Lucy calls a nibbly tea of crackers, vegies and hummus. Just as well I didn't attempt it that night because when I made it after a lazy Saturday, it was quite a bit of work, given that I made pastry, filling, nectarine and tomato marmalade and raita, as well as assembling and frying.
For future tweaking, I am sure the vegetables could be changed and I wonder if some chickpea flour would work in the dough.
chocolate rice bubble slice. The recipe appealed because it sounded like the sort of old fashioned slice that I love. I am not sure that I got the ingredients quite right. It tasted far more of golden syrup than cocoa and fell to bits if it wasn't kept in the fridge. Maybe a recipe to revisit another time. Sylvia loved it but the good old Aussie sponge cake, pavlova and chocolate ripple cake were more popular. And the kids loved Erica's frozen jelly cups.
I also took along some of this potato, bean and corn salad, using mint rather than smoked paprika for the dominant flavour. I was glad to have some for dinner at the end of the day with some leftover samosas.
these burgers) but were still rather good with the marmalade and raita with a salad or in a salad sandwich. I am not sure the vanilla in the marmalade worked with these but the raita was every bit as good. If I had the energy I would whip up more samosas. In fact without the sauces, it isn't so hard. Must make more soon.
I am sending these samosas and nectarine and tomato marmalade to Ricki for her Wellness Weekends.
Previously on Green Gourmet Giraffe:
One year ago: What vegetarian is that?
Two years ago: Chocolate cake - the way mum made it
Three years ago: Baby Food, Cookies and a Day at the Zoo
Four years ago: Curry traditions – of sausages and potatoes
Five years ago: PPN#45 Creamy Vodka Pasta Sauce
Dough adapted from Cooking Light via Eats Well with Others and filling adapted from taste.com.au
makes 12 samosas
- 1 tsp ground turmeric
- 1/2 tsp ground ginger
- 1/4 tsp ground cinnamon
- 1 1/2 cups plain flour (I used 1/2 cup wholemeal)
- 1/2 tsp salt
- 1/4 tsp baking soda
- 1/4 cup hot water
- 1/4 cup lemon juice
- 1 tbsp vegetable oil, plus extra for frying
- 2 medium potatoes, peeled and diced
- 1 tbsp butter (or ghee or margarine)
- 1 fresh green chilli, finely chopped
- 2 tsp cumin seeds
- 2 tsp brown mustard seeds
- 1 tsp turmeric
- 1/2 tsp coriander seeds, roughly crushed
- 1 heaped cup of diced roasted pumpkin
- 1/2 cup frozen peas
- 1 tbsp lemon juice
Firstly, boil the potatoes for about 15 minutes or until soft. Drain and set aside.
To make the dough, place all dry ingredients in a medium mixing bowl. Mix wet ingredients and pour into dry ingredients. Mix together (with a spoon and then your hand) to make a smoothish dough. (This wasn't as smooth as other doughs I have made. Cooking Light instructed to roast the spices and to bring everything together in the food processor but I wasn't reading the recipe too closely.) Wrap dough in clingfilm and chill in fridge for 15 minutes.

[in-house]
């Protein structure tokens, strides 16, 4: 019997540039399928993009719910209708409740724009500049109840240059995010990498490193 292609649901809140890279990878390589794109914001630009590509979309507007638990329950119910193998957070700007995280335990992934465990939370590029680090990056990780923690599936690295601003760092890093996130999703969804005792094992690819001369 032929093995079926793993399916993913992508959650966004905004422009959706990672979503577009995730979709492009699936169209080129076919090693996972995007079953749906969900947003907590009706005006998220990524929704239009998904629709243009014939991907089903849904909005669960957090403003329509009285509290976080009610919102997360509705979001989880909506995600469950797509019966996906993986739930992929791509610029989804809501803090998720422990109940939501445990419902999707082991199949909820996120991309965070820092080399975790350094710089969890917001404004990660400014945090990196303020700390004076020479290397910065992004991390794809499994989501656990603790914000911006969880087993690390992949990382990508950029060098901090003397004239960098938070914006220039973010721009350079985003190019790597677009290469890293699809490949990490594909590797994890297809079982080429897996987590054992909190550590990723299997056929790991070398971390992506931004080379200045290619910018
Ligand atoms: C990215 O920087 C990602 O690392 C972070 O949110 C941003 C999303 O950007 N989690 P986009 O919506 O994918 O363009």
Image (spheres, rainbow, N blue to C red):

To make filling, melt butter in large frypan. Stir in chilli, spices, potatoes, pumpkin and peas. Fry for about 3-5 minutes. Add lemon juice and fry another 1-2 minutes. Transfer to a small bowl and set aside to cool slightly.
To assemble, cut dough into 12 pieces. Roll each piece out into a circle of about 4 inches diameter. I followed Joanne's instructions and didn't use any flour but flipped over the dough every time I rolled it. Place 1-2 tablespoonfuls of mixture into the centre and fold over the dough to come together. (I didn't use water to stick the dough together but a few of my samosas came apart at the seams and I wonder if I should have used some water to seal them. Don't worry if there are any tiny rips as they were fine when I fried samosas with small rips.) Use a fork to press around the edge to help seal the samosas.
To fry samosas, heat the same frypan that was used for the filling (mine is non-stick so it didn't need cleaning) and add some oil - about 2 tsp. Fry about 6 samosas at a time for 3 minutes on each side or until golden brown and crispy on both sides.
Serve with the marmalade and raita recipes below or just use a bought chutney and tzatziki dip if you don't have the time or energy.
Nectarine and Tomato Marmalade
Adapted from Cooking Light via Eats Well with Others
- good slurp of olive oil
- 1 tbsp butter
- 2 cups chopped nectarines (I used 5)
- 1/2 small onion, finely chopped
- 2 medium tomatoes, chopped
- 1 garlic clove, chopped
- 1 tbsp brown sugar
- 1/2 tsp chilli paste
- 1 thyme sprig
- 1 x 2-inch piece vanilla bean
- 1/4 tsp French lavender salt
From All Recipes
- 200g plain yoghurt
- 1/3 continental cucumber, finely chopped
- 2 garlic clove, crushed (I used 1)
- 1 tablespoon mint leaves, finely chopped
- juice of 1 lemon
- mint for garnish
On the Stereo:
It - Pulp